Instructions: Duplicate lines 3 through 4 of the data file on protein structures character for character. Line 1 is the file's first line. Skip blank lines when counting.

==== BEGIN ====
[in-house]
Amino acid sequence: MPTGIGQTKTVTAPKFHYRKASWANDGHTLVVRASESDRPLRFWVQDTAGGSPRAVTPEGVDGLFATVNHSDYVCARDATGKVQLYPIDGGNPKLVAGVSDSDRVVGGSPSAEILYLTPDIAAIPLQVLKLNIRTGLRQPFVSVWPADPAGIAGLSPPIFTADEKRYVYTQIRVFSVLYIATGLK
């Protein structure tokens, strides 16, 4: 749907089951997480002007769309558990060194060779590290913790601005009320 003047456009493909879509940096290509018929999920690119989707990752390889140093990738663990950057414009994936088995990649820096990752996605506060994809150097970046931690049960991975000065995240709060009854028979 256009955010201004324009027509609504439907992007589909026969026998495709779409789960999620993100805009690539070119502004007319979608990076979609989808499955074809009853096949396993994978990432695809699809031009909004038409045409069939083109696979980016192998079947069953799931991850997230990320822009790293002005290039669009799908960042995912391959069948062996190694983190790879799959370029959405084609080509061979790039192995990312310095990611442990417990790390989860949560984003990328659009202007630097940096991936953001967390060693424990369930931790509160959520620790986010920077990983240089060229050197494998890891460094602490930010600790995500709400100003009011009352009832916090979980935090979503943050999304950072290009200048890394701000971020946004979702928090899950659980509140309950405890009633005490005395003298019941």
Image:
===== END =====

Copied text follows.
């Protein structure tokens, strides 16, 4: 749907089951997480002007769309558990060194060779590290913790601005009320 003047456009493909879509940096290509018929999920690119989707990752390889140093990738663990950057414009994936088995990649820096990752996605506060994809150097970046931690049960991975000065995240709060009854028979 256009955010201004324009027509609504439907992007589909026969026998495709779409789960999620993100805009690539070119502004007319979608990076979609989808499955074809009853096949396993994978990432695809699809031009909004038409045409069939083109696979980016192998079947069953799931991850997230990320822009790293002005290039669009799908960042995912391959069948062996190694983190790879799959370029959405084609080509061979790039192995990312310095990611442990417990790390989860949560984003990328659009202007630097940096991936953001967390060693424990369930931790509160959520620790986010920077990983240089060229050197494998890891460094602490930010600790995500709400100003009011009352009832916090979980935090979503943050999304950072290009200048890394701000971020946004979702928090899950659980509140309950405890009633005490005395003298019941």
Image: